Fruit leather - you can make shoes from it!
3rd Oct 2021
The bounty of apples is upon us. Early types ripened in late summer/September, and now it's time to get picking others that have deepened to a beautiful red flush with crisp, sweet flesh underneath. Okay there might be the odd wiggler in there if you're all organic, but that's real life!
Since even a single mature tree can offer more than you need, home apple growers have several options for dealing with the glut: let the local wildlife have them, give them away to other folks, store them (if they keep), or get preserving. On that note, we started looking up recipes for something called 'apple leather' that somebody mentioned last autumn. It's like fruit jerky, or those fruit-based chewy sweets that children love.
But did you know that there's another type of fruit leather? We might be a bit out-of-touch as apparently it was the sustainable material of the moment a couple of years back. So you didn't hear it first here, admittedly, but we're pretty impressed to find out that pulped cores and skins (pomace) from large-scale production can be dried out, combined with polyurethane and turned into a vegan material for shoes, handbags, clothes, accessories... you name it. There are some tasty pieces out there in the world of sustainable fashion, it seems (excuse the pun).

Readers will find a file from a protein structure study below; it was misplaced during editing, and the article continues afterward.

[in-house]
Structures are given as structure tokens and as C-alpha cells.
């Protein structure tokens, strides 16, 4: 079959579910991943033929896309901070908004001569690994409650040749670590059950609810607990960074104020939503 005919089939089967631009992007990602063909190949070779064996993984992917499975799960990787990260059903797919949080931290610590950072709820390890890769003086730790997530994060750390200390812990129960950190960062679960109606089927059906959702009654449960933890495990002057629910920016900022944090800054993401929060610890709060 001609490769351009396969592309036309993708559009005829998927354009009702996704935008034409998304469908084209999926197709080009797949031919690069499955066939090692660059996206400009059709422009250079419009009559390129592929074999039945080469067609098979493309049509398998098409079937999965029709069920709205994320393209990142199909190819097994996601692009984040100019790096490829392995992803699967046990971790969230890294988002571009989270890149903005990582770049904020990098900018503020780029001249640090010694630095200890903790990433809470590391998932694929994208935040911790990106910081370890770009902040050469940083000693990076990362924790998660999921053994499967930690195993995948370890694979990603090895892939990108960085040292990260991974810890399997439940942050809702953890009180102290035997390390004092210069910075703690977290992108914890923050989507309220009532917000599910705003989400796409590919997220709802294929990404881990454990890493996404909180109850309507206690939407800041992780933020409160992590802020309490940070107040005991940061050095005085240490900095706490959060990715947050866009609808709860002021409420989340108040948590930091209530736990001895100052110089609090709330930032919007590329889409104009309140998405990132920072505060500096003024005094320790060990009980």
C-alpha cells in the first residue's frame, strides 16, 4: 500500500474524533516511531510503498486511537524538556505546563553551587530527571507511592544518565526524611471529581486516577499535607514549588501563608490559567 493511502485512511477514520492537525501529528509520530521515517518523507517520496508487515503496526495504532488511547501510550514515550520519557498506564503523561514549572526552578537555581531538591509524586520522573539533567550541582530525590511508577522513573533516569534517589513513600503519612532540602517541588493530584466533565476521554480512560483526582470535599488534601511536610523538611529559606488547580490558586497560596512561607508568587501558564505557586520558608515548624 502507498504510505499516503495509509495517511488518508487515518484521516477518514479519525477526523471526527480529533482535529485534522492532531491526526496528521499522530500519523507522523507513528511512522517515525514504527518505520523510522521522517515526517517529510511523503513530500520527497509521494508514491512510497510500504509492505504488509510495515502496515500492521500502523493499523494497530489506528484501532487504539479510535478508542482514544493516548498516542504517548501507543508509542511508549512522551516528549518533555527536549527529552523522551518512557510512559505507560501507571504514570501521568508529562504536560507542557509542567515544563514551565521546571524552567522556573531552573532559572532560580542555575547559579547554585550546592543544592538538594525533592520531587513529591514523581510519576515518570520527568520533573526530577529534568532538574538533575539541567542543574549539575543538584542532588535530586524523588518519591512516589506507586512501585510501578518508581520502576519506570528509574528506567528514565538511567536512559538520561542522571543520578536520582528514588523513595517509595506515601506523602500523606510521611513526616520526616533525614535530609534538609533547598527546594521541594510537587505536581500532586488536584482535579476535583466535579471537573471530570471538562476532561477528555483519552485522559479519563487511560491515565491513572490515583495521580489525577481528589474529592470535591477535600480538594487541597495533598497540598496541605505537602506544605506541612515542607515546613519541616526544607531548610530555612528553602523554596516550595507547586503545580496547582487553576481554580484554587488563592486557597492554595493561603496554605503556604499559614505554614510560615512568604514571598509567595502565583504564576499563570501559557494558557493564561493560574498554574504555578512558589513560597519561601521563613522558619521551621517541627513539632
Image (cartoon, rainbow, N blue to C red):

We wonder if it smells fruity.
And here's how to make edible apple leather:
Preheat your oven on a very low setting.
Peel, core and chop a kilo of apples. Cook in a saucepan over a low-moderate heat with 200g sugar and 4 tbsps lemon juice. You want a puree texture, so stop when the flesh has nicely broken down and whizz up in a blender or with a stick blender. You can cook a little further to drive out more moisture.
Line a large baking tray, e.g. with baking paper or a silicon sheet. Spread your puree evenly on this and set on the top rack of the oven.
Bake until fruit is dry and stops feeling tacky, but stop before it gets brittle. This could take a few hours, depending on your oven. You can also dry it out in warm sunshine (if we have one of those autumn heatwaves!) or in a dehydrator.
Allow to cool before peeling off. Roll it up, cut into sections and store in an airtight container.
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